"In the south of the land of MacLeods lay the wide lands of Clan Donald. Their name father was the first Lord of the Isles, Somerland , and once again, social selection counts 50,000 men withh the name MacDonald or its variants as his direct decendants. There is accurate data available from a large sample of 164 MacDonald Y chromosones and it contains a facinating twist on tradition. Somerled was known to chroniclers as 'Somerled the Viking' and it turns out that the large number in the sample decended from him - 23 per cent - carry a specific signature type within the Norse subgroup of M17. Somerled's own ancestors did indeed originate in Scandanavia. And the tradition lives on for Clan Donald have genotyped the chiefs of their various clan branches and they all carry the old Viking's marker.
Another large lineage cluster in the MacDonald sample has a very different origin. Around 12 per cent carry the classic R1b-Pict marker and it may be that they are descended from a powerful individual whose identity is now lost but who chose to join the Clan Doald and adopt the name. There are two mainland branches - McDonalds of Glengarry and Clan Ranald - and both have chiefs with the Somerled marker, but their followers may well be Pictish.

http://heritage.scotsman.com/heritage/Scotland39s-DNA-Who-do-you.6727434.jp

http://en.wikipedia.org/wiki/Lord_of_the_Isles






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Heber


 
R1b1a2a1a1b4  L459+ L21+ DF21+ DF13+ U198- U106- P66- P314.2- M37- M222- L96- L513- L48- L44- L4- L226- L2- L196- L195- L193- L192.1- L176.2- L165- L159.2- L148- L144- L130- L1-
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OConnor
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« Reply #56 on: May 09, 2011, 01:15:18 AM »

I cannot find great numbers of group I in this MacDonald Project
http://dna-project.clan-donald-usa.org/DNAresults.htm

The Rib's look very sustantial
Why wouldn't they look to an R1b group to represent Somerled?

Do you think someone can actually prove they are a direct descendant
of Somerled ? Some of the literature is in reference to 2004.



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rms2
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« Reply #57 on: May 09, 2011, 02:25:57 PM »

The alleged Somerled haplotype is an R1a haplotype with the following markers in FTDNA order:

13    25    15    11    11    14    12    12    10    14    11    31    16    8    10    11    11    23    14    20    31    12    15    15    16

Of course, whether it actually belonged to Somerled himself depends on whether or not Bryan Sykes is right about it:

http://www.electricscotland.com/history/articles/norse.htm
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NealtheRed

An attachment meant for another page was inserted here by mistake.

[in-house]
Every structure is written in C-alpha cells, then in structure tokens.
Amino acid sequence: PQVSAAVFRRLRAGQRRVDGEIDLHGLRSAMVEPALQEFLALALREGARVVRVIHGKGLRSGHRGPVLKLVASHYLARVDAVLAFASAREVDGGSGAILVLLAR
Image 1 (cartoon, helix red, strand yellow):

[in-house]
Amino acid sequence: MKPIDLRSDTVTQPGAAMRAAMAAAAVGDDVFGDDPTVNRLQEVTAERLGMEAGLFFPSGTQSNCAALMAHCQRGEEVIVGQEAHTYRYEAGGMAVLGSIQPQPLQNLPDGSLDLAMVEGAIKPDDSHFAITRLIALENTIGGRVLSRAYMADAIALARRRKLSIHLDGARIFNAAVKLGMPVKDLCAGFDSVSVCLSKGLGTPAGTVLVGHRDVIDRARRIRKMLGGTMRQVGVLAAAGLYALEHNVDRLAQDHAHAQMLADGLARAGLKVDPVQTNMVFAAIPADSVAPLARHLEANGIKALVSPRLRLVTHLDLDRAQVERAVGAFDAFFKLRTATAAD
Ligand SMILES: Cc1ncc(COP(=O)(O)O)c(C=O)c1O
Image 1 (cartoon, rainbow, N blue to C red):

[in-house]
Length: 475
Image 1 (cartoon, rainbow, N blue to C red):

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« Reply #58 on: May 09, 2011, 03:00:00 PM »

The alleged Somerled haplotype is an R1a haplotype with the following markers in FTDNA order:

13    25    15    11    11    14    12    12    10    14    11    31    16    8    10    11    11    23    14    20    31    12    15    15    16

Of course, whether it actually belonged to Somerled himself depends on whether or not Bryan Sykes is right about it:

http://www.electricscotland.com/history/articles/norse.htm

If Somerled himself is R1a1 or not appears to be just out of reach, since Clan Donald has not yet discovered a MacDougall with the haplotype - Dugall was one of the sons of Somerled, progenitor of Clan MacDougall. Clan Donald admits there may have been a non-paternal event, since Somerled is given a Connachta paternal ancestry.

I guess the Moffat/Wilson piece asserts L21 is a Gaelic marker in coastal Norway. I do not know if I buy that, but they underplayed S169's (L159.2) presence throughout the West coast of Scotland and Northern England. There are also at least six Norwegian men with the Irish Sea haplotype in the FTDNA databases. Can we now conclude that this many Gaels trekked to Norway?
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NealtheRed
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« Reply #59 on: May 09, 2011, 03:08:08 PM »

I cannot find great numbers of group I in this MacDonald Project
http://dna-project.clan-donald-usa.org/DNAresults.htm

The Rib's look very sustantial
Why wouldn't they look to an R1b group to represent Somerled?



I believe it is because a number of men from Clan Donald (including the current chief, Lord Godfrey) and its cadet branches (MacAlister, Clan Ranald, MacDonnell of Glengarry, etc.) have inherited a distinct, R1a1 haplotype that is found in Norway.
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rms2
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« Reply #60 on: May 09, 2011, 03:08:45 PM »

. . .
I guess the Moffat/Wilson piece asserts L21 is a Gaelic marker in coastal Norway. I do not know if I buy that, but they underplayed S169's (L159.2) presence throughout the West coast of Scotland and Northern England. There are also at least six Norwegian men with the Irish Sea haplotype in the FTDNA databases. Can we now conclude that this many Gaels trekked to Norway?

Well, you know how they answer that: that the presence of L21 of any kind in Norway can be chalked up to the viking slave trade.

Absent a really thorough y-dna study of Norway (and perhaps of Scandinavia as a whole), how does one conclusively answer that?

As much as I do not like it, it's not a totally unreasonable theory. In fact, the presence of L159 in Norway only seems to lend credence to it.
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NealtheRed
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« Reply #61 on: May 09, 2011, 03:33:46 PM »

. . .
I guess the Moffat/Wilson piece asserts L21 is a Gaelic marker in coastal Norway. I do not know if I buy that, but they underplayed S169's (L159.2) presence throughout the West coast of Scotland and Northern England. There are also at least six Norwegian men with the Irish Sea haplotype in the FTDNA databases. Can we now conclude that this many Gaels trekked to Norway?

Well, you know how they answer that: that the presence of L21 of any kind in Norway can be chalked up to the viking slave trade.

Absent a really thorough y-dna study of Norway (and perhaps of Scandinavia as a whole), how does one conclusively answer that?